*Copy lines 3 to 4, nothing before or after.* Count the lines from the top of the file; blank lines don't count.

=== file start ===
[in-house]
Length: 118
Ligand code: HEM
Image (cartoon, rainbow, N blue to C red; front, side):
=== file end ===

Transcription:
Ligand code: HEM
Image (cartoon, rainbow, N blue to C red; front, side):